He comes out when I am sipping tea on Merle’s porch. He looks embarrassed, I see he doesn’t want to spend time alone with me either. We make small talk about how early they leave for school, about how he tried to get to the site yesterday but was held up in Ada. He apologises for that. The young house-help crosses the yard with a tub of wet clothing, chewing stick in her mouth. She shouts something to Jordan in Twi which makes him frown. I see the smile doesn’t leave her face as she rounds the house. For some reason, I am certain that this young woman can intuit our baby plan. She would have heard Merle and Jordan over and over at night: the lovemaking turned into laceration and fits.
Jordan balls his hands between his knees. He looks about the yard as though there are things to be done. He shovels sugar into his coffee. You can’t tell me Jordan’s carnal aims included producing a baby with her. Not this lean, jostling creature Merle could engulf with her limbs, who could go out there and impregnate a whole nubile village. It’s possible that we could talk about Merle’s dream house, though I’m worried my consternation will come out fast. And I’m even more afraid of seeing through to Jordan’s unsteady feelings. I watch his fingers roving over each other. They have very long joints. I can’t believe this man and I are providing the raw material to create a child. Would it be ours, in anything but the language of souls? Should it be?
Jordan lifts out of his bamboo-framed chair and runs a palm over his head. His eyeballs are slightly poppy; I’m hoping Merle’s new child won’t have these. Jordan says he has an ‘errand’ to run. He sounds like an American kid. He walks off the porch and across the yard, up to the gate which he hooks shut. I hear a dog barking along the road.
Though I said I would, I cannot get used to the heat during the night. I lie awake, listening to Victoria half-snoring, listening to night birds outside. Jordan rarely comes to the house. Merle says he likes to keep an eye on the site. But when he does pass by I hear them talking in the dark and I know her urging him to stay goes unheeded. I listen to them make love and it makes me miss René, who on the phone has a flat, defiant voice. René asks nothing of the procedure. In three weeks I have produced a worthy clutch of eggs according to the doctor’s ultrasound screen, a harvest I cannot decipher within the colourless topography of my abdomen. Merle is enthralled but I see a tiny galaxy of consequences. Dates are fixed for the egg extraction and embryo transfer. Merle takes me out a few nights before, to a windswept bar in the grounds of a luxury hotel. We meet a friend of hers called Tina from Barbados who arrives dressed in parrots and flowers. Tina has a local husband and runs a guesthouse on the coast, but Merle warns me in the car Tina knows nothing of our arrangement. We drink non-alcoholic cocktails.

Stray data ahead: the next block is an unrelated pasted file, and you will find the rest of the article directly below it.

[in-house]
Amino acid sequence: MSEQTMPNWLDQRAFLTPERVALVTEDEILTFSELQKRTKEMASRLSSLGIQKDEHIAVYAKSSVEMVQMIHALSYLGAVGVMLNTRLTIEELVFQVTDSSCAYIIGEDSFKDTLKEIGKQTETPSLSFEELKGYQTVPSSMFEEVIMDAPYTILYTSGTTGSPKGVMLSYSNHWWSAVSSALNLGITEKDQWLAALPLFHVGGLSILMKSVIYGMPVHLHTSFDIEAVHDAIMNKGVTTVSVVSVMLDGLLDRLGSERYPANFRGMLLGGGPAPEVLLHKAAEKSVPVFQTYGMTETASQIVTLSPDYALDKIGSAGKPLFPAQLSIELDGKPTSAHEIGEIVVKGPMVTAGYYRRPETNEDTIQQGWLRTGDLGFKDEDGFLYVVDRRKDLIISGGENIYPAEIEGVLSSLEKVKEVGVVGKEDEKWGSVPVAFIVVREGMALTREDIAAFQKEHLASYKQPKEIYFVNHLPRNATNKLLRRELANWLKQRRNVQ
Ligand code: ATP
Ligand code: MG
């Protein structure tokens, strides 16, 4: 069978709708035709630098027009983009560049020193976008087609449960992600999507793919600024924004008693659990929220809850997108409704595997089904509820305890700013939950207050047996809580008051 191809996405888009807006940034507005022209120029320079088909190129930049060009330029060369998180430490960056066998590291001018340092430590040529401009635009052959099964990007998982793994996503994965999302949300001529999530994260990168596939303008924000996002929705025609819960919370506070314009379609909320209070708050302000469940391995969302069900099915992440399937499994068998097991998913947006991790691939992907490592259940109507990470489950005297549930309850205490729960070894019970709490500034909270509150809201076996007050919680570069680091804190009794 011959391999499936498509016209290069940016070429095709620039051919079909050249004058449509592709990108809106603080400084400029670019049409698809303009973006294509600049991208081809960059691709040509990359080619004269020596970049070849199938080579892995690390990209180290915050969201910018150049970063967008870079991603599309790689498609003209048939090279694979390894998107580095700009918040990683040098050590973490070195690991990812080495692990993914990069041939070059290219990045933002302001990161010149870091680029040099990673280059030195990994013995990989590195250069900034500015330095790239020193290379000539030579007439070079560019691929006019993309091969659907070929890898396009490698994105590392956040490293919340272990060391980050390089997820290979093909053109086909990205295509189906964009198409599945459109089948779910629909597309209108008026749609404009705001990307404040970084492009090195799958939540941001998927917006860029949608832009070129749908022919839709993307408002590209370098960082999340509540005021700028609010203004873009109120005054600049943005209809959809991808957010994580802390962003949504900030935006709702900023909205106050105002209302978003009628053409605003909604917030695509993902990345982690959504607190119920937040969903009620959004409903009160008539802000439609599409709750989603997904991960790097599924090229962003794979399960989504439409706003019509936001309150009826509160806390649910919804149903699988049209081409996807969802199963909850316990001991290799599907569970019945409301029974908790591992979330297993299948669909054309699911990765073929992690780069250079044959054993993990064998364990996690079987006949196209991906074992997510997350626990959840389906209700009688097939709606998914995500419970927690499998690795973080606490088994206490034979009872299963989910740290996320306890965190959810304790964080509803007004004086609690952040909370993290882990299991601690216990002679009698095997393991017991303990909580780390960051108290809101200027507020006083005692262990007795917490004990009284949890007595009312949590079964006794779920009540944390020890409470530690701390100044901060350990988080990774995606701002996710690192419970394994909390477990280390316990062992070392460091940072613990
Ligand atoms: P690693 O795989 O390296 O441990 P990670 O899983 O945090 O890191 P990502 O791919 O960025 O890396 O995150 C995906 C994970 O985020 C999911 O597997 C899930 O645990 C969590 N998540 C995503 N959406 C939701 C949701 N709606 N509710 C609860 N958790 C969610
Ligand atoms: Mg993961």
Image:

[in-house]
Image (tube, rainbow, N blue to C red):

Tina is an easy buffer until she points out that Merle’s architect Paul was once held in a cell overnight for beating up his wife. I see Merle’s eyes scramble. Merle says she knew about it but it’s obvious she’s been stung. Tina tries to reframe the conversation until her daughter calls from downtown with car problems. She hurries off through the floodlit garden and we are left alone.
‘I’m sorry, I don’t know why I asked her to come,’ Merle says to me. ‘Fucking uptight.’
‘A little. She had a parrot thing going.’
‘Yeah,’ she says. ‘Thanks Fern, love. You must be bored silly out here.’
‘Pretty close to it.’
‘I don’t think it’s going to work.’
‘Oh, fuck it. The transfer. This baby,’ Merle says, staring at Tina’s abandoned glass. ‘You know, Tina’s right about Paul. He took ten thousand pounds and disappeared. I had to pay people – thugs, dammit – to get him back here. He’d gone and set himself up in Hackney with a girlfriend. He’s an overeducated pratt.’
‘I hear you.’
‘He sold off a lot of our building supplies too. Now Jordan keeps an eye on him. He’s back with his wife at MacCarthy Hill. She took him back in.’